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Part two of Ian's epic adventure game.

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It is the culmination of decades of baseball culture and nerd culture racing toward each other at high speed.

Welcome to the Monster Manual MLB Expansion Pack! This book contains more than 100 new monsters from the Major League Baseball Multiverse. We’re confident these new creations will make your campaigns more realistic and more exciting than ever.

Stephen Strasburg

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If ballplayers could be rated like super-heroes, so much would be clearer.

When I was a kid, imagination was far less regimented than it is today. The funny thing is, we asked for that regimentation, and those that sold imagination answered. What they gave us, we could use in baseball now.

The regimentation to which I refer took place in the world of comic-book continuity. Beginning when I was young, very young, in preschool and first grade, my fellow children and I, inspired in part by an afternoon block of programming on WPIX in New York that included, in succession, the 1950s Superman and Lone Ranger TV shows followed by the 1960s Batman show, and Saturday morning shows including The Super Friends and Shazam!, would playact the parts of heroes and villains, and when we finally caught up to each other after much chasing in circles, we would not fight but rather argue over who should win. Apparently mine was an unusually dialectical crowd of post-toddlers.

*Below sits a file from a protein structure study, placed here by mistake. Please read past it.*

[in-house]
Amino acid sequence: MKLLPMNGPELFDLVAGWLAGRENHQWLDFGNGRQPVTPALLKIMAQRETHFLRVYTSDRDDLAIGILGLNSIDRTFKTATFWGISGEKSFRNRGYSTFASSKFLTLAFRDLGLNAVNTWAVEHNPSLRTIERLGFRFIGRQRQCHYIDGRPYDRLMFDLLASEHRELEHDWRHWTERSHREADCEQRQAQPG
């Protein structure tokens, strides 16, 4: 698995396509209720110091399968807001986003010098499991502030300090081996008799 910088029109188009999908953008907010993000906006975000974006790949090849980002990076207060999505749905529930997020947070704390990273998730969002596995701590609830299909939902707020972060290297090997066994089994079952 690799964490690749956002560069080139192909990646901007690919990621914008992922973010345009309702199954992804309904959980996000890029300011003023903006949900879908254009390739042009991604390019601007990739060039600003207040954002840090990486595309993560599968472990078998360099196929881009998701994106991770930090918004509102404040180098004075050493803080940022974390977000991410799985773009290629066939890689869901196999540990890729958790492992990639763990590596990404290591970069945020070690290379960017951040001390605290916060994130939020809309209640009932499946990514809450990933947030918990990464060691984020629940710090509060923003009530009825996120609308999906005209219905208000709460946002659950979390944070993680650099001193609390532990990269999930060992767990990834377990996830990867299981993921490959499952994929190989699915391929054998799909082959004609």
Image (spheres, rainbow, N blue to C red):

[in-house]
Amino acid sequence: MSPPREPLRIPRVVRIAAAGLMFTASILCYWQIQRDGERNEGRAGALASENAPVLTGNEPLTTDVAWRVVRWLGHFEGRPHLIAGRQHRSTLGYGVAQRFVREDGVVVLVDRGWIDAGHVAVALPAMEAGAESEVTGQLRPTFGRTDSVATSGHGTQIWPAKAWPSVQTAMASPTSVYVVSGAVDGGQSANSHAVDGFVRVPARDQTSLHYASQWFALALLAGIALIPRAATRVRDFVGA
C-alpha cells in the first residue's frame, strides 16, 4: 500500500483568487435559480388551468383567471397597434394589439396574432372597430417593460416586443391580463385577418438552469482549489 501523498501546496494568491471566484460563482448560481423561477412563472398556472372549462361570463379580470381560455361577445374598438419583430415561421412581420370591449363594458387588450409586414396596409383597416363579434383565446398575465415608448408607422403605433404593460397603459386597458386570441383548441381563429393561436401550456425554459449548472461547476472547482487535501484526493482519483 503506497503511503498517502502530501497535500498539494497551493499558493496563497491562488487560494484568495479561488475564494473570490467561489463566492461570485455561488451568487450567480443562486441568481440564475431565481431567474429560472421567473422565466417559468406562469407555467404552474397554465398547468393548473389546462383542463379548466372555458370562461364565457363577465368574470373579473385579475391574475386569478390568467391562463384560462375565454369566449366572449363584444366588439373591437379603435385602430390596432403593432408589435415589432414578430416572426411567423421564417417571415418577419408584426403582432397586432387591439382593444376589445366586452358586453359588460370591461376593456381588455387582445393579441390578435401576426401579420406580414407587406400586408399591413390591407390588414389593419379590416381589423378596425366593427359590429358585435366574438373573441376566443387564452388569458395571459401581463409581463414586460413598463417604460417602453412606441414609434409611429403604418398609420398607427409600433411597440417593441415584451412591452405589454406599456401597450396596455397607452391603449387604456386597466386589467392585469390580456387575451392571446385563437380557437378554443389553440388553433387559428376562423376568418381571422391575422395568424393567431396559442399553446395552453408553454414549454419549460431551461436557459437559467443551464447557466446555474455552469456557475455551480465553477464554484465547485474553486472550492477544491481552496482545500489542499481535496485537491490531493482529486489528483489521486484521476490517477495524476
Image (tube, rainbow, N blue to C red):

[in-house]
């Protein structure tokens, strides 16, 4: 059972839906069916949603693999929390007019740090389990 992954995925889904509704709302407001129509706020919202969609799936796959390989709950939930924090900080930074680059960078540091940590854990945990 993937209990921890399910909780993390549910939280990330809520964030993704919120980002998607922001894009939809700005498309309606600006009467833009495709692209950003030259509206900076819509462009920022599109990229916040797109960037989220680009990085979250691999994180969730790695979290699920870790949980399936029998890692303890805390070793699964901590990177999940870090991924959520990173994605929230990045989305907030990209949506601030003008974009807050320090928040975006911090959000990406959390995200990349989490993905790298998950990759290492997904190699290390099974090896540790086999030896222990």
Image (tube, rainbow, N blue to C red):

This ritual lasted until approximately April, 1977, after which Star Wars came out and colonized our minds. The arguments were pushed aside in favor of the Force, forever unsolved. Who is stronger, Superman or Captain Marvel? The Golden-Age Flash or the Silver-Age Flash? The Thing or the Hulk?

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